been withheld on account of the war risk insurance. This reserve amounts to $ 53,290, the check for which is attached hereto."
The controlling statutory provisions are contained in portions of Sections 41 and 42 of the Internal Revenue Code of 1939, 26 U.S.C.A. §§ 41, 42. These provisions are as follows:
'41. General rule
'The net income shall be computed upon the basis of the taxpayer's annual accounting period (fiscal year or calendar year, as the case may be) in accordance with the method of accounting regularly employed in keeping the books of such taxpayer; * * *
' § 42. Period in which items of gross income included
'The amount of all items of gross income shall be included in the gross income for the taxable year in which received by the taxpayer, unless, under methods of accounting permitted under section 41, any such amounts are to be properly accounted for as of a different period. * * *'
It seems clear that on June 25, 1946, as the result of corporate action of Metropolitan's Board of Directors, Metropolitan was saddled with a liability to pay plaintiff and by the same token plaintiff acquired a right to receive from Metropolitan. Following a series of implementing procedures by Metropolitan's Actuarial Division, by December 22, 1946, the exact amount of the rebate or dividend was determined. At that point, so far as Metropolitan was concerned there remained only the functions of its Group Review Section and its Check Writing Department.
As to the functions of the Group Review Section, Fred Bradley, an Assistant Manager in Metropolitan's Group Underwriting Division, a witness called by plaintiff, testified as follows:
'A Our function was to separate the authorization from the Group Actuarial Division, to call for the files, for a number of reasons, to verify the name of the group, for instance -- oftentimes they change and the Actuarial Division hasn't been notified, but we have means of checking it.
'We look through the files for any special correspondence as to how the policyholder wants his dividend paid. Sometimes they want it broken up in two or three checks, sometimes they would like only one check. We check the name of the person to whom our letters should be addressed, as to spelling and title, make sure that the person we sent it to last year is still on the job. We go to our Group Accounts Division and check on the premium. It is not customary to pay a dividend until the premium for the full policy year has been paid. It is our function to check that. Following that we prepare a requisition to our checkwriter for the drawing of checks.'
The functions performed by this section in January 1947 were certainly purely ministerial and had nothing to do either with the fixing or the confirming of a liability in favor of the corporation against Metropolitan. In January the corporation well knew whether it was indebted to Metropolitan for any unpaid premiums and even if it were so indebted, it would involve nothing more than a mere bookkeeping entry, the gross amount of the rebate or dividend would still be reportable.
The corporation elected to keep its books and records on an accrual basis. It contends that it 'had no knowledge whatsoever, prior to January 14, 1947, of Metropolitan's intention to pay a special dividend nor of the amount thereof.' I do not feel that knowledge is a necessary ingredient in the ascertainment of the time of income accrual for tax purposes. Neither plaintiff nor defendant has furnished the Court with any authority directly in point, nor has our independent search disclosed such authority.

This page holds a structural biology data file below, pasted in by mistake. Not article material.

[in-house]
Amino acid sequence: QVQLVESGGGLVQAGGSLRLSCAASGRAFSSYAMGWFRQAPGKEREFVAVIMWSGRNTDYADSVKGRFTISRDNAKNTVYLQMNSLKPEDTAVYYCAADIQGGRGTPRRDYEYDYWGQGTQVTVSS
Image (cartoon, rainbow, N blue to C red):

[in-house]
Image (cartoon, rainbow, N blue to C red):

Had the corporation become aware of an allowable credit after the end of the taxable year, it certainly would have sought leave to file an amended return, and leave to so file would undoubtedly have been granted.
Surely then the converse must be true.
Mertons' Law of Federal Income Taxation, Vol. 2, Section 12.60, states:
'* * * It is essential to recall, and keep in mind what has been previously said, that it is the right to receive and not the actual receipt that determines the inclusion of the amount in gross income and that primarily distinguishes the accrual basis from the cash basis. When the right to receive an amount becomes fixed the income accrues. Income does not accrue to a taxpayer until there arises in him a fixed and unconditional right to receive the amount even though actual payment is to be deferred. * * * When an item accrues is largely a question of fact to be determined in each case. As is true of other factual questions the burden of proof is on the taxpayer to establish that the Commissioner is wrong in his determination of when an item accrued. * * *'
In Patrick McGuirl, Inc., v. Commissioner of Internal Revenue, 2 Cir., 74 F.2d 729, 730, certiorari denied 295 U.S. 748, 55 S. Ct. 827, 79 L. Ed. 1693, the court said:
'* * * As a general proposition, where the right to receive money is certain, namely, the liability to pay is unconditional, and books are kept on an accrual basis, the money actually received is considered income as of the year the right to receive it arose and not as of the year when received, even though the amount to be received is not certain as of the year the right to the money accrued. * * *'
It is my conclusion that the special dividend of $ 53,290 received by plaintiff from Metropolitan was income that accrued during the year 1946. Accordingly, judgment will be entered for defendant.